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The official name of this gene is “fibrillin 1.”
FBN1 is the gene's official symbol. The FBN1 gene is also known by other names, listed below.
The FBN1 gene provides instructions for making a large protein called fibrillin-1. This protein is transported out of cells into the extracellular matrix, which is an intricate lattice of proteins and other molecules that forms in the spaces between cells. In this matrix, fibrillin-1 binds to other molecules of fibrillin-1 and other proteins to form threadlike filaments called microfibrils. Microfibrils form elastic fibers, which enable the skin, ligaments, and blood vessels to stretch. Microfibrils also provide support to more rigid tissues such as those that support the nerves, muscles, and lenses of the eyes.
Microfibrils store a protein called transforming growth factor beta (TGF-β), a critical growth factor. TGF-β helps control the growth and division (proliferation) of cells, the process by which cells mature to carry out specific functions (differentiation), cell movement (motility), and the self-destruction of cells (apoptosis). Microfibrils help regulate the availability of TGF-β, which is turned off (inactivated) when stored in microfibrils and turned on (activated) when released.
Researchers have identified more than 1,000 FBN1 gene mutations that cause Marfan syndrome, a disorder that affects the connective tissue supporting the body's joints and organs. Abnormalities in the connective tissue lead to heart and eye problems in people with this disorder. In addition, affected individuals are usually tall and slender with elongated fingers and toes and other skeletal abnormalities. Most of the mutations that cause Marfan syndrome change a single protein building block (amino acid) in the fibrillin-1 protein. The remaining FBN1 gene mutations result in an abnormal fibrillin-1 protein that cannot function properly. FBN1 gene mutations that cause Marfan syndrome reduce the amount of fibrillin-1 produced by the cell, alter the structure or stability of fibrillin-1, or impair the transport of fibrillin-1 out of the cell. These mutations lead to a severe reduction in the amount of fibrillin-1 available to form microfibrils. Without enough microfibrils, excess TGF-β growth factors are activated and elasticity in many tissues is decreased, leading to overgrowth and instability of tissues and the signs and symptoms of Marfan syndrome.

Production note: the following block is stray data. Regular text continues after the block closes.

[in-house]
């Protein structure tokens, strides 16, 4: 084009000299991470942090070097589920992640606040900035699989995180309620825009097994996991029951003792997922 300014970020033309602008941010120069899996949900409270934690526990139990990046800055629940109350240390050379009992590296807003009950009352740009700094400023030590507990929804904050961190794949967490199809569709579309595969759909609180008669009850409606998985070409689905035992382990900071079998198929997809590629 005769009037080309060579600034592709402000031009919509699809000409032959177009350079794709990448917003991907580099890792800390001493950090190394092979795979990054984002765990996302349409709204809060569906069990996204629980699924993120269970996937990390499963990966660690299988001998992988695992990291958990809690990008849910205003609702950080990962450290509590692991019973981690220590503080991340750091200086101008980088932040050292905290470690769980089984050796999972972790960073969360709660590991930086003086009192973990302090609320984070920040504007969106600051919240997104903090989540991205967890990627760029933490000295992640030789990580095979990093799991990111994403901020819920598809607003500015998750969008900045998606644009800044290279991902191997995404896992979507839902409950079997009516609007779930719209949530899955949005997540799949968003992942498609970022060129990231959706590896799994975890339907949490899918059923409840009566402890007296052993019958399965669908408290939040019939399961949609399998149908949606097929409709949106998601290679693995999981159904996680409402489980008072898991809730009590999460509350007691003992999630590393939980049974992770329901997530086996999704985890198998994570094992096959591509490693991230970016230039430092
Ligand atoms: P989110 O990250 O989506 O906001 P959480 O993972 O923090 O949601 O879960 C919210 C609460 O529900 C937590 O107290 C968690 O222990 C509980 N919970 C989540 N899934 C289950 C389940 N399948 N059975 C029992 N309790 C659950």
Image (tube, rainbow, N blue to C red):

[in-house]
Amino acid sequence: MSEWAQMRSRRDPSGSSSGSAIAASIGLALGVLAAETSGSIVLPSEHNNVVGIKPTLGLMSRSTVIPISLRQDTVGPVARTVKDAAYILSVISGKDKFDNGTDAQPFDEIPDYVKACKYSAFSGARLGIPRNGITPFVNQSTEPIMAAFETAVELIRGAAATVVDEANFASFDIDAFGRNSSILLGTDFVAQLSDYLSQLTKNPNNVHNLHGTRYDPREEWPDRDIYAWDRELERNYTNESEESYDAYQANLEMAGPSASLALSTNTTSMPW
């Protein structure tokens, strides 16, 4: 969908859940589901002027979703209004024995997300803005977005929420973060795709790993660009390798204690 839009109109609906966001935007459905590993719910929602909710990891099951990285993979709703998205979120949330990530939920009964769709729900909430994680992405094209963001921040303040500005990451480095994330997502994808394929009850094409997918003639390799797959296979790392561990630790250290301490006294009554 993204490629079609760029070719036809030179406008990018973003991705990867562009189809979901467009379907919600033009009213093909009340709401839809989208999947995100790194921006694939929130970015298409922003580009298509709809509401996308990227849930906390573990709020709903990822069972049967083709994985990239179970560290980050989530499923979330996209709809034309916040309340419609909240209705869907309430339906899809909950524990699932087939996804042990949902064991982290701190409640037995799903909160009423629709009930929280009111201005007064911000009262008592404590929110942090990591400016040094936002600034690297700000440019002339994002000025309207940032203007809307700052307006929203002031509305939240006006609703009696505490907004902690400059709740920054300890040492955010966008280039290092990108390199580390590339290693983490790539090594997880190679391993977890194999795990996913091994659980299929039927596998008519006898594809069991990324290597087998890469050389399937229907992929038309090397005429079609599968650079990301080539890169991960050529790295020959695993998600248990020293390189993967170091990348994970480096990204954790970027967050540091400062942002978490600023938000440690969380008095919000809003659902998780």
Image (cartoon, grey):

A mutation in the FBN1 gene has also been identified in one family with Weill-Marchesani syndrome. This mutation deletes part of the gene, leading to the production of an unstable version of the fibrillin-1 protein. The unstable protein likely interferes with the assembly of microfibrils. Abnormal microfibrils weaken connective tissue, which causes the eye, heart, and skeletal abnormalities associated with Weill-Marchesani syndrome.
Some FBN1 gene mutations cause a disorder called isolated ectopia lentis, in which dislocation of the lens of the eye causes vision problems. There are no other signs or symptoms associated with isolated ectopia lentis, which usually begins in adulthood.